It all comes down to target size and your eyesight. With open sights outdoors, the smallest thing I shoot at, are pop cans. They're audible so I don't need optics to confirm hits. With "glass", my favorite targets are 68 cal paintballs. They explode real nice when optically enhanced. :lol:

To start with, get yourself a nice assortment of pellets, and get as much lead down range as you can. The gun will benefit from the break-in, and you'll get used to the shot cycle. The rest will come with time, practice and experience.

As the old saying goes - "Beware the man with one gun. He probably knows how to use it."

Good Luck, and Welcome Aboard!


Sounds good. Seems like solid, practical advice. ;)

Will get to shootin' when she arrives and see if I can learn a thing or two.


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Last edited by shinyrhinostudio on Tue Oct 11, 2016 10:57 pm, edited 1 time in total.

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PostPosted: Tue Oct 11, 2016 10:51 pm 
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Posts: 711
Location: Bradford
Hi there
Yes, the projectile will cross the line of sight twice, however I wouldn't even START to worry about stuff like that just yet.

That Ruger (made by Umarex) is a good deal. I recently bought 3 at Wally as they were on for $99.00...one was to replace a pile of junk Umarex Surge barrel and action in the Surge stock, second is a project gun for a youth Christmas present, and the third is just sitting there for now :)

As previously advised, go put a tin or two of pellets through it and break it in. Then if youre mechanically inclined you can take it apart and clean it up.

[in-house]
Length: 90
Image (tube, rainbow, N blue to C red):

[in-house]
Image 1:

The trigger leaves a lot to be desired, but good enough to start out with. Practice, practice, practice.

On one of mine, the front sight was off center. They have a set screw, but in reality they are a friction fit and a real bitch to move. I STRONGLY suggest heat, use a hair dryer to warm it up and rotate it slightly if yours is off center.

The scope is typical $5.00 4x32 fixed junk. I wouldn't waste my time mounting it.

Anyway, its a nice, low powered inexpensive gun to start out with. If you find you like the hobby, you will follow the usual path and start moving up...you will notice a huge difference in quality even with an inexpensive Diana for a few hundred, and when you move up to something like a Weihrauch, well, its all over for you :)

The Ruger is very easy to take apart and the spring is so weak you really dont need a spring compressor, although a dozen people will chime in and say you need one for safety's sake, etc etc etc.

By the way, I would zero it at 10 yards to start. First, its a very low powered rifle and your energy drops off quickly and secondly, as a new shooter it would be nice to hit what you are aiming at and not get frustrated.

Cheers

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PostPosted: Tue Oct 11, 2016 11:09 pm 
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Joined: Tue Oct 11, 2016 3:03 pm
Posts: 23
Location: Campbell River, B.C.
Thanks for the info, ITGUY.

I am analytical and like to "fiddle and tweak" so will likely not be able to shelve the ballistic theory stuff entirely, but I hear what you're saying and am planning on prioritizing the actual trigger time.

I was planning on leaving the scope off, and haven't read much that leads me to believe it's worthwhile, so I'll follow your recommendation and keep it as an open sight rifle.

I tend to go hog wild once I like sometime, so getting a high end rifle will likely be something I will look forward to doing.